Hardly reassuring, is it? If this was truly science-led, then the Government and its advisers would recognise the risk of implementing a cull with the added wildcard of ‘controlled shooting’, and put in place some appropriate monitoring of the effects. But apparently they are no plans to even do that. Monitoring will be restricted to evaluating the humaneness and safety of the shooting (nice of them, isn’t it?), and the effectiveness of culling on TB within the cull zone (i.e. not pertubation). So not only is this policy based on extremely limited scientific evidence, but with a lack of monitoring, the Government could then potentially protect itself from any later challenges of ignoring evidence of the pertubation effect.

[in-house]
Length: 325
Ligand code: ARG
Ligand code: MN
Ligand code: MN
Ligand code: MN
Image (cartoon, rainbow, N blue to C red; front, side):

With a lack of evidence, the badger cull policy simply appears to be a knee-jerk reaction to the TB issue, but an enormously beneficial one for the Government. Not only does it show that Ministers are proactively dealing with the concerns of farming communities, and allowing them the freedom to handle their Bovine TB problems in a way they believe is correct, but psychologically it is also a very powerful tool. By allowing farming communities, who may see the badger as a symbol of TB propagation, to shoot and the destroy them in their areas, the Government is in a way prescribing the equivalent of a placebo, which will make communities feel better about the problem, regardless of whether TB rates decline or not.